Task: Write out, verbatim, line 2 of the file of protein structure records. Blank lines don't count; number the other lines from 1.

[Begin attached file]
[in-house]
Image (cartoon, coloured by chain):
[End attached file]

Image (cartoon, coloured by chain):